At the heart of the innovation economy are software companies, whose total market value is expected to exceed $450 billion in 2013, according to DataMonitor – Abstract from Global Software Industry Guide. Software providers have grown to be amongst the largest and most competitive private sector organizations; the United States alone is home to over 45 software companies with annual revenues of over $1 billion. Many of these companies are at the forefront of integrating environmental considerations into operations while innovating for a more sustainable world.
The world’s largest software and IT companies have good reason to take sustainability seriously: 1) they must respond to the close scrutiny of the public and 2) they stand to benefit from new markets for their products that enable a greener world. However, a company does not need $40 billion in annual revenue to play in this space. Many software players in what we define as the top middle market, with $1 to 10 billion top lines, have built robust programs aligned with their corporate missions.
During the month of March, our team studied the drivers of sustainability and environmental initiatives at leading companies in this top middle market. To do so, we researched current industry best practices, drew on our own professional experiences, and interviewed leading IT companies in the top middle market with strong environmental platforms: Adobe Systems, Autodesk, Juniper Networks, and Teradata Corporation.
Our conversations focused on:
- Primary drivers of sustainability at software companies;
- Most relevant environmental issues for the industry to collectively address; and
- Advice and practices which industry peers just starting to develop environmental strategies should consider.
We found growing customer and shareholder expectations, emerging market opportunities, and cost savings to be the most common practical drivers behind environmental initiatives amongst these companies.
“In 2008 our executive team began to receive questions from customers about Teradata’s environmental initiatives and how our company was managing sustainability as a company,” shared Alan Lord, Sustainability Program Manager for Teradata and survey respondent of increasing customer demands, “sharing values around sustainability with our clients strengthens important relationships and helps us to win RFPs”.
With regard to new market opportunities, Lynelle Preston Cameron of Autodesk told us that “Autodesk’s corporate vision is to imagine, design, and create a better world. Our environmental initiatives, from providing software to clean technology innovators to developing design tools such as the Eco Materials Adviser, support a transition to a more sustainable world. They also help to grow Autodesk’s top line revenue.”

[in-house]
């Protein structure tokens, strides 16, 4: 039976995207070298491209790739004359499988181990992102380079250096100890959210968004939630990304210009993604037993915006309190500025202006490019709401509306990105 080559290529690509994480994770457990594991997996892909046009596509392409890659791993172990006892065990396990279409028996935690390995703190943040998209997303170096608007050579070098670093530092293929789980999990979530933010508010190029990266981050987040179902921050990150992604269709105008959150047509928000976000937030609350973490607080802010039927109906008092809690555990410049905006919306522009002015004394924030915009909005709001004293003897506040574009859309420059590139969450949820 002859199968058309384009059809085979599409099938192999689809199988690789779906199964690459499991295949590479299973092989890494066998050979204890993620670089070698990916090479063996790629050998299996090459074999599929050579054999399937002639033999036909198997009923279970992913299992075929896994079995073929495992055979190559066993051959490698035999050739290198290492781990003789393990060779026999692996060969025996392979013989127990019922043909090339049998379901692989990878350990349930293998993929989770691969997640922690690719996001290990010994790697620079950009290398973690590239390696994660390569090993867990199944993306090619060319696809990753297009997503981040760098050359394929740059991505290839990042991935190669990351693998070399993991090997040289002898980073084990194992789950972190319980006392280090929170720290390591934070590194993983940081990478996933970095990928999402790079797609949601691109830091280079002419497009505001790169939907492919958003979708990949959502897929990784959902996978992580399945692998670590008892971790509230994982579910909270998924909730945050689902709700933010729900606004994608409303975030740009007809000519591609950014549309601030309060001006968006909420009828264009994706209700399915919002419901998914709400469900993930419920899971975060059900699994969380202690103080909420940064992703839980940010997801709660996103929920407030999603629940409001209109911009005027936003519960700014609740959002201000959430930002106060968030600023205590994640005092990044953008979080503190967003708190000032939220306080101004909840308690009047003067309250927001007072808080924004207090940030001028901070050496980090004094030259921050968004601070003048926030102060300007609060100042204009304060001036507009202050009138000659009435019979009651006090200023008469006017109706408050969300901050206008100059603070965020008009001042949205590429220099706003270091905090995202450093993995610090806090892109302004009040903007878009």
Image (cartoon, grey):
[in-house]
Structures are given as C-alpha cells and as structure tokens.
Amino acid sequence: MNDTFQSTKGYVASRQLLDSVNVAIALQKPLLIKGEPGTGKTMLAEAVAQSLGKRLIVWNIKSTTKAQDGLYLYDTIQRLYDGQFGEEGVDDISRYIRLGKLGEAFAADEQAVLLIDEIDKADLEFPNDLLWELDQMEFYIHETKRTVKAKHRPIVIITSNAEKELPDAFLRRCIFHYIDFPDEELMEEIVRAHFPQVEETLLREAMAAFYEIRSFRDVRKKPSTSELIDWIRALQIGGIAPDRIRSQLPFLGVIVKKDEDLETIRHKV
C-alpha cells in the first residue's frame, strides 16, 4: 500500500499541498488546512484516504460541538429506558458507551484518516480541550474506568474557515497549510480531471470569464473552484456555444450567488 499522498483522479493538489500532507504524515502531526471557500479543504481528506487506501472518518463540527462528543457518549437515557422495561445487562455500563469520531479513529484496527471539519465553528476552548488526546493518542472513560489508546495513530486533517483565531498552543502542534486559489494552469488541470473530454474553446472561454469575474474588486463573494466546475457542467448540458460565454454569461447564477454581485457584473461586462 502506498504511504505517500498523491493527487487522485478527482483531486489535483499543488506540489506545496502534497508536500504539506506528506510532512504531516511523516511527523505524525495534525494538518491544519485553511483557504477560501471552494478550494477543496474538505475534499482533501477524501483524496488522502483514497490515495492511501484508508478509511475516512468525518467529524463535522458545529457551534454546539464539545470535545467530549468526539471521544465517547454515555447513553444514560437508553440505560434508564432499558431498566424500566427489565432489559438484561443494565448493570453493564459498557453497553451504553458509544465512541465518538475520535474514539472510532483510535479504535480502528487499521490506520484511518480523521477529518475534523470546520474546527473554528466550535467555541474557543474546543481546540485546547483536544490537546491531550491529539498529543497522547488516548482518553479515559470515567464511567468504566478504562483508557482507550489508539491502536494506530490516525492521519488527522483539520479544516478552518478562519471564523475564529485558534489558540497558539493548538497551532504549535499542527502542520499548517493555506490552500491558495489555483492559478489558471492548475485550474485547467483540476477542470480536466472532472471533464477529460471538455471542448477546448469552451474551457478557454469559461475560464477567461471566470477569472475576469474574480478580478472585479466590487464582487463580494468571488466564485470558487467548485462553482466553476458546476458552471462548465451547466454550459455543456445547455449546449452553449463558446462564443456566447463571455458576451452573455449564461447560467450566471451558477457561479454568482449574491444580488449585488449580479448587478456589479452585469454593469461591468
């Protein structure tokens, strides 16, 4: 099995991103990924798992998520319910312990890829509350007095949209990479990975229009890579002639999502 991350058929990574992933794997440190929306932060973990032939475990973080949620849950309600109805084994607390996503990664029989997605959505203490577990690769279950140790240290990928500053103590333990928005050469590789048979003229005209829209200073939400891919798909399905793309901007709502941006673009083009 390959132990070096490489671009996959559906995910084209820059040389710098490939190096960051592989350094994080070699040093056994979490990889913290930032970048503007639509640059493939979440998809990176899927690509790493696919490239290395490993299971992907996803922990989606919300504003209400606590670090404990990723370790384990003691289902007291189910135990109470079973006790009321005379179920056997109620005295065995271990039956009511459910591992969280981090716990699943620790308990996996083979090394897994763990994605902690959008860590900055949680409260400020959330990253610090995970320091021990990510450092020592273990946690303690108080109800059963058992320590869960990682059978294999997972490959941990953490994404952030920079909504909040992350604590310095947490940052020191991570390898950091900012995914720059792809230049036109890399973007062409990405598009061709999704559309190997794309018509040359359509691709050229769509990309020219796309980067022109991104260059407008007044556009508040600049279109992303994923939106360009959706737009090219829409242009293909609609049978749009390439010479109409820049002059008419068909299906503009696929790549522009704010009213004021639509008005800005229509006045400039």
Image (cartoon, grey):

Mike Bangs of Adobe Systems spoke to cost saving as a driver of environmental programs, “Adobe began seriously considering our energy footprint during the California energy crisis in the year 2000. We began with simple things like turning off excess lighting and easily hit an initial energy saving target of 10%. Over time we increased this focus on efficiency and have realized significant savings with very little investment.”
The participants also offered an array of advice to peer companies just beginning to consider sustainability and the environment. These recommendations ranged from taking a close look at your corporate mission to engaging customers and shareholders about their concerns to finding some cost saving “quick wins.”
“Start with a materiality assessment,” said Autodesk’s Cameron, “look at impacts across your operations to determine where you should take action. More broadly, you should also ask why you are undertaking these activities. Is it reputation? Employees? A belief in a better future? The why cannot be underestimated.”
Brad Minnis, Senior Director Environmental, Health, Safety, and Security at Juniper Networks suggested a more outward-facing first step, “Speak with your customers and shareholders to learn about how they consider this issue. As for action items, start with little things which demonstrate that you can save money through environmental initiatives and build from there.”
With regard to when software providers should start developing sustainability initiatives, Adobe’s Mike Bang’s made an excellent point, “Don’t wait for a mandate, just do it!”
The findings from this study are explored in detail in a complimentary Malk Sustainability Partners white paper available online here.
Zach Goldman is a Partner with Malk Sustainability Partners (MSP), a specialty management consultancy that guides businesses to leverage resource and environmental management to maximize earnings and build winning brands. More about MSP’s work in the information technology sector can be found online at www.malksp.com/industries/sustainable-ict.